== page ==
Malian Anecdotes #3 and #4

IIIIIIIIIIIII have the best life ūüôā

I have lots to tell but I shall start by the beginning.


I get out of work 2 hours after I was supposed to get out, because it was the day my report was due. It’s 6 pm. I hop in a Sotrama, I stop at the bank by the Niger river to take out some money and then proceed to walk home.

On my way home, as I’m walking by the Niger river on a really busy street, I notice a huuuuge space of sand. The beach girl in me gets excited. Could it be a beach? So I venture out in the sand and walk very, very far¬†to see¬†what’s at the end of that sand field, hoping for some water and waves.

Well, no. Probably not. I’ll never know because as I was almost¬†at the end of that huge sand field, ¬†I start noticing weiiiird bugs, similar to fireflies, but with zebra patterns. Holy crap. There’s two.

Nope, four. Five. Ten. They’re following me. AAAAAAHHHHHHHHHHHHHHHH !!!!!!!!

So, panicked, I start running back to the far-away street like a retard, with my pink backpack (deemed and named The Ugliest Backpack in the Universe by Mr. Samuel, my African grandpa) like a little schoolgirl.

As I get close to the busy street (still running away from the creatures) with my sight blurred by my movement, I see 5 black faces with huge white smiles. Oh, God, please tell me they’re not laughing at me.

I finally arrive on the sidewalk, and yes, 5 Malians (4 tall men and a woman) are basically CRYING of laughter while pointing at me and speaking Bambara. I want to be pissed that they’re laughing at me, but as I open my mouth, I start LAUGHING and laughing and laughing at myself with them. I can’t help it, as I realize how stupid I must have looked, a tall, grown white¬†woman¬†walking¬†into an empty field of sand and¬†then running back clumsily, panicked.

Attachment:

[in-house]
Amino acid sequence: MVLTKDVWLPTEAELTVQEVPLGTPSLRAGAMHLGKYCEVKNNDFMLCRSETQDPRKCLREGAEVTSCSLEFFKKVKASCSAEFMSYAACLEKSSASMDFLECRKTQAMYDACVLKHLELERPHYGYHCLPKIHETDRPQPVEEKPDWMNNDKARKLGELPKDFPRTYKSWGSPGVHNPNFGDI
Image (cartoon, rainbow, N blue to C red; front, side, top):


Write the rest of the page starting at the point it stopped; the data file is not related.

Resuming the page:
One of them asks me in broken french what I was running away from.

…. Bugs. Big bugs, I tell them. I try to show them how big they were to justify myself. This only makes them¬†(and me) laugh even more. Then, they tell me it’s not a beach, but a construction site for¬†a monument to celebrate Mali’s 50 years of independence. Great.¬†As I cross the street and continue on my way home, they are still laughin at me.¬†Or as I would say in french, ils se fouttent compl√®tement de ma gueule.


So I’m just smiling to myself, walking home (I’m still super far away and¬†tired from my day). Then, a guy on a motorcycle drives up to me on the sidewalk and offers me a ride, telling me that I’m so beautiful that he literally had to stop his moto, turn around and come see me.

As usual, I say no thanks, I’m almost home (riiiight), no thanks I have a boyfriend, no thanks please leave me alone, etc. But the guy is really insisting and I’m tired. He tells me about his life and how he studies law and is at his third year. He seems geniunely nice,¬†and I’m still far from home, so I’m like ”Ehhh¬†what the heck. You’re in Bamako, let’s live life dangerously.”¬†¬†¬†

So I hop on this stranger’s¬†bike and I’m home in 5 minutes. We exchange phone numbers (it’s not as special as it sounds in the US; here everyone exchanges phone numbers; I have the number of the old woman who sells me tomatoes at the market and doesn’t speak a word of french and that of a delivery guy I saw for 2 seconds at my job.) Well, because I jumped on the occasion and took a risk, I was invited (along with my rommate) to my first Malian wedding next Sunday!!! Le dimanche √† Bamako, c’est le jour du mariage indeed. ¬†

(Then I went out with my roommate and Malian friend Harold to ”dance” but we waited until 2 am, sitting outside on the terrace,¬†only to realized there would be no dancing that night because the room was reserved for a birthday party. We still had interesting conversations while sipping mango juice).

The end of my friday night ūüôā more to come.

~ by seaofcurls on February 14, 2011.

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